In 1216, at the Portiuncula, Francis had a vision in which he obtained from Christ the grace of a complete pardon or plenary indulgence for all those who, fulfilling the requirements for a plenary indulgence, visited the little church. The indulgence was approved and promulgated by Pope Honorius III, who fixed the date and time of the pardon from noon of August 1 to sunset (now to midnight) of August 2 every year. Now, one can obtain a plenary indulgence for oneself or for the souls in purgatory by visiting any Catholic church on those dates and by fulfilling the usual conditions for a plenary indulgence. Since the reform of Paul VI, we can gain only one indulgence per day.
The Chapter in the spring of 1221 gives proof of the expansion of the Franciscan movement. Nearly 5000 brothers, representing many small communities in Europe, participated in it. It is called the Chapter of the Mats because the brothers built themselves shelters made of wicker and rush matting around the Portiuncula since the town could not accommodate so many visitors.
The Portiuncula is located just below the dome of the Basilica of St. Mary of the Angels.
EXTERIOR: The front of the chapel was decorated by a fresco by Johann F. Overbeck in 1829, depicting Francis receiving from Christ and the Virgin Mary the Pardon of Assisi or Portiuncula Indulgence. At the base of this fresco is a small rectangular fresco beneath which are the Latin words: “Haec est porta vitae aeternae” (“This is the gate to eternal life”).
The left outside wall includes the tombstone of Peter Catanii, one of the first Franciscans who died on March 10, 1221 when Francis was still alive.
INTERIOR: The interior is austere and simple. Some of the rough stones from Monte Subasio were put in place by Francis himself while repairing this little church. The masterpiece is the six-part fresco of the apse painted by Ilario da Viterbo in 1393, depicting primarily the Portiuncula Indulgence.
Nearby the Portiuncula is the Chapel of the Transitus of St. Francis. Even while respecting poverty of the “place,” Francis permitted the construction of a small cell to be used as an infirmary for the brother who fell ill. This cell was closest to the chapel in order that the sick could have the consolation of listening to the prayers and the singing of their companions.
Here Francis passed the last few days of his life. On the 3rd of October of 1226, feeling that the end was near, he asked to be placed, naked, upon the ground. “Thus laid in the dust, without even his sackcloth, he raised his face, as always, to the sky… but he did not forget to cover the wound in his right side, so that it could not be seen. The companions of the saint wept like men crushed by immense sorrow. One of these ran quickly to bring his tunic and cord, and offered them to the Poor Little one of Christ with these words: ‘I am lending these to you, as to a beggar, and you must take them, in holy obedience.’ Francis was pleased, and felt in his heart the holy happiness of having remained most faithful to Lady Poverty” (St. Bonaventure, LM, XIV).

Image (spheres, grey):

After the death of Francis, the little infirmary became a Chapel. The external wall is covered with a fresco by Domenico Bruschi: “The death and funeral of St. Francis.” The wooden door is the original one.
What was Francis of Assisi really like? His biographer, Thomas of Celano, wrote a beautiful and clear description of him in Book I, 29:
How handsome, how splendid! How gloriously he appeared in innocence of life, in simplicity of words, in purity of heart, in love of God, in fraternal charity, in enthusiastic obedience, in agreeable compliance, in angelic appearance.
Friendly in behavior, serene in nature, affable in speech, generous in encouragement, faithful in commitment, prudent in advice, tireless in prayer, he was fervent in everything.
Firm in intention, consistent in virtue, persevering in grace, he was the same in everything!
Swift to forgive, slow to grow angry, free in nature, remarkable in memory, subtle in discussing, careful in choices, he was simple in everything!
Strict with himself, kind with others, her was discerning in everything
Francis was the universal brother, a man of peace and reconciliation, the Poverello, the lover of the poor, the troubadour of creation. Yes, all of the above, but Francis was first a mystic, a real contemplative, enamored of the poor and crucified Christ. Francis was not only a man who prayed, but, as Thomas of Celano writes, he was “man become prayer.” The presence of God transfigured him until God made him “another Christ” (Little Flowers, 7).